Opinion by Richard Baird.
Osofor will be a digital-first and lab-grown diamond jewellery business able to create stones of any shape and cut. It will offer a modern and sustainable luxury brand to those who desire the material qualities of diamonds without the environmental and sociological impact. Osofor intends to distinguish itself further by fusing enduring aesthetic desirability and artisanal practice with experimental materials, unexpected production processes, a highly-personalised service and a “beautifully-designed immersive online experience”.
The brand is currently at the stage of product development; working with scientists, material technologists and inventors to develop a carefully-crafted launch collection. Paul Belford Ltd. was commissioned by Osofor to develop its visual identity. This is characterised by a variety of cut stone-like symbols, faceted stationery and an animated visual gesture online that refracts the white light of an uppercase sans-serif logotype.
Presently, graphic identity feels very much reflective of Osofor’s early stages of development, an expression of potential to, say, investors. It intends to be a modern, sustainable luxury brand, one that pairs the enduring craft of diamond cutting with today’s material and productions technologies, its visual identity articulates this in its singularity of concept and a variety in its material and digital applications.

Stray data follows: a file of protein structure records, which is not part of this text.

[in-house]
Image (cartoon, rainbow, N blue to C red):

BP&O breaks slightly from convention, publishing work that still has a strong speculative foundation, absent product or retail platform, but does this to bring a strategic breadth to the site. Early stage development in conjunction with early-stage identity design serves as a tool in which to give the impression of a total vision.
There are two essential components to jewellery, the tangible; aesthetic and material properties, and the intangible; the feeling of luxury, the potential of technology and the story of innovation. As a digital-first brand, website will be a critical factor in resolving these. The combination of splash page, which features a lovely digital facsimile of the refraction of white light into colour through the prism of cut stone, the materiality of blind embossed facets and the implication of refracted light through slivers of colour, serve to touch upon technology and a very specific material experience.
Graphic gesture expresses something of the potential to cut diamonds into a variety of shapes. The value here is in the breadth of the illustrations, rather than their individual qualities. There are plenty of distinctive shapes here, and outlines and fills help to further range and interest. As these are applied to packaging and stationery it is quite straightforward, as is the visual language employed, as mentioned earlier, this does feel early-stage, open to reconfiguration as the brand moves closer to launch. More from Paul Belford Ltd. on BP&O.